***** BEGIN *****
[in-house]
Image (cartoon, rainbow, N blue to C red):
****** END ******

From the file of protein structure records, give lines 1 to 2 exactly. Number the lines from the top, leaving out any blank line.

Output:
[in-house]
Image (cartoon, rainbow, N blue to C red):